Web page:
Your eye color is unique to you. In fact, no two people have the exact same color of eyes. Because of this, eye color is one of the most distinguishing characteristics for people and is often a big part of identity. We’ve already written about the science behind how you get your eye color, but does that color also affect your vision?
Our expert doctors have shared how your eye color affects your vision:
The Science of Eye Color
In order to understand how eye color affects your vision, it will be helpful to understand how eye color develops. The iris is the colored part of the eye, and the amount of pigmentation within the iris determines your eye color. There are three genes that are responsible for determining the pigmentation. These genes are tied to your melanin levels.
Less melanin in the iris means lighter eye colors, like blue and green, and more melanin makes for darker eye colors, like hazel and brown. Check out our eye color science blog to learn more about determining eye color.
Light vs. Dark
Whether you have light or dark colored eyes, your eye color does actually have an impact on your vision.
If you have a lighter eye color, your eyes are more sensitive to light because you have less pigment and melanin in your irises to protect your eyes from the sun. This means that you could have a greater risk of macular degeneration, and that you might find yourself squinting more when you go outside during the day.
If you have a darker eye color, your eyes can often withstand high glare lights better than light colored eyes can. This is thanks to the greater amount of pigment and melanin in your iris. You could potentially be better at driving at night because your eyes allow for less light to reflect and cause glare. Despite your high light tolerance, though, you should still be wearing sunglasses to protect your eyes from UV rays.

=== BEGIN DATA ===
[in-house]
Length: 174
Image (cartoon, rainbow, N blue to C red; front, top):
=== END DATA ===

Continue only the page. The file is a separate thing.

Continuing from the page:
There are a few studies that have looked at the impact of eye color on sports performance. The University of Louisville found that people with dark eye colors perform better at reactive tasks like hitting balls and playing defense, while people with light eye colors do better at self-paced tasks like hitting a golf ball, throwing a pitch, or bowling. However, there are not enough studies yet to fully support this theory. For now, it’s just a fun discussion to have with your teammates.
Speaking of teammates, our expert team is here to ensure that you are able to see clearly, regardless of your eye color. An annual eye exam will help you take care of your eyes, whether they are dark or light-colored. Stop in to one of our 54 locations or call us to set up your appointment today!